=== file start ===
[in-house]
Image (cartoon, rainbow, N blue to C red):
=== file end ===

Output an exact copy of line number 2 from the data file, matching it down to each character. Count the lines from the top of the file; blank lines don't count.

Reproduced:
Image (cartoon, rainbow, N blue to C red):